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The Center for Southeast Asian Studies > Projects > Ub-ufok Ad Fiallig Overview > Teaching Modules > Module 8. Tabfiad: Diaspora and Sense of Place

Module 8. Tabfiad: Diaspora and Sense of Place

Tabfiad

This is “Tabfiad” by UH Center for SE Asian Studies on Vimeo, the home for high quality videos and the people who love them.

SYNOPSIS

This story is about the Tabfiad, a gigantic snake with legs, that terrorized Fiallig. Derived from the narrative of Arfonso Nacleo.

Tagalog Version | English Version

Keywords

Tabfiad – a dragon-like monster

Chongra – a red plant

Fialikia – the old name of Barlig

Kufiang – town where the remains of the tabfiad are found

Tigkiad – flintstone

Ator – council-house

Lamu – cotton

Diaspora – the dispersion of people from their homeland.

Human Migration – the movement of people from one place to another

Procedure

1. Students discuss the story.

2. Students discuss the five sources of ethical standards (Utilitarian Approach, Rights Approach, Fairness or Justice Approach, Common Good Approach, Virtue Approach) from the Markkula Applied Center for Applied Ethics.

Guiding Questions:

1. Identify the central conflict of the story? Why did the Ifiallig people leave Fiallig?

2. How did the Ifiallig deal with the problem? What do you think of their decision-making process?

  • For teachers teaching Noli Me Tangere: Show an excerpt from Noli Me Tangere, “Meeting at the Town Hall.” How is this similar or different from the governance in the Ifiallig community or in other cultures?

3. Describe the Tabfiad? How was the Tabfiad killed?

4. Why didn’t the Ifiallig stay even after the Tabfiad was killed?

5. How did you feel about the plan to defeat the tabfiad? Use the ethical framework in your answer.

5. How did the Ifiallig mark their ancestral home before they left?

6. Where is the blackened stone remains of the Tabfiad?

7. Relate this to Laika, the first dog in space. What do you think happened to her? (Article link)

Critical Thinking

DIASPORA

The story of the Ifiallig people fleeing from the Tabfiad is reminiscent of the out-migration of many Filipinos in the Philippines. As of 2011, over 2 million sought work overseas because of high unemployment rates.  Millions more have left for good, now calling countries such as the United States “home away from home.” These Filipinos make up the Philippine Diaspora. The term “Diaspora” originally referred to the Jewish people who were forced to leave their ancestral land because of war while Filipinos left for economic reasons, vestiges of colonial rule by both the Spanish and Americans and government repression, particularly during the Marcos Regime.

Ask students the following questions:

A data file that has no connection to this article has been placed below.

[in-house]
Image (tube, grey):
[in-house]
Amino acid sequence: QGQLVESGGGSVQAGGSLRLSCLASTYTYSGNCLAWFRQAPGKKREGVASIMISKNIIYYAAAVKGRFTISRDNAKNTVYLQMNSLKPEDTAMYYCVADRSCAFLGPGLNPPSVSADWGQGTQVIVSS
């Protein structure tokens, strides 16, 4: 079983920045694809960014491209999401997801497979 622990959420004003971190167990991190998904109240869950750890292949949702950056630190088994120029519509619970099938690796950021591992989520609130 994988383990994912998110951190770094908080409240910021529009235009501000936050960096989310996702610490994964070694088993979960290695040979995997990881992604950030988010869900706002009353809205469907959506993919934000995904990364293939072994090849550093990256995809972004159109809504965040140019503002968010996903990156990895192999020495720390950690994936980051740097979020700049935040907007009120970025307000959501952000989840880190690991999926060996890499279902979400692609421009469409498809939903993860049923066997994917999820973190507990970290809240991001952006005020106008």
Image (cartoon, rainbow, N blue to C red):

1. Do you have similar experiences?
  2. What would compel people to leave their homeland?
  3. If you were to leave your country, what would you use to mark your previous home?
  4. What things do you remember about your homeland and the things you left behind?
  5. How does diaspora relate to the story of the Ifiallig who were fleeing from the Tabfiad?

Have students read the following blog on Filipino diaspora as they reflect on their own family histories. Are they a product of diaspora? If not, do they know anyone who came to the United States through this method? Students discuss why people leave their ancestral home?

Filipino Diaspora1 - Module 8. Tabfiad: Diaspora and Sense of Place

Filipino Diaspora2 - Module 8. Tabfiad: Diaspora and Sense of Place

Source: Letanna, Edd. Retrieved from https://www.quora.com/What-is-the-Filipino-diaspora-about on May 11, 2018.

Culminating Activity

Option 1

Students put themselves in the shoes of immigrants. How does it feel to leave one’s homeland? How does it feel to move to a new country? What are the fears that they face? How do you think the people in their adoptive place treat them? As they reflect on these questions, as a project, have them interview an immigrant. Ask them the same questions. Do they have any regrets? Have they faced racism and xenophobia (fear of foreigners)? What are their hopes for the future? Have students share their projects in class.

Option 2

Review the various Ethical Approaches. (see Ethical Framework handout)

Divide the class into smaller groups. Assign roles to each student, for example, a village elder, farmer, child, etc. Present each group with a moral dilemma. Ask them to find a solution to the problem. Students then discuss answers to the following questions:

  1. How did you come up with your solution?
  2. What leadership qualities did you observe in the process?
  3. What problems did you encounter in the deliberation? How did you resolve these problems?
  4. Are you satisfied with the process? Are you satisfied with the decision/solution?
  5. Present your solution to the class.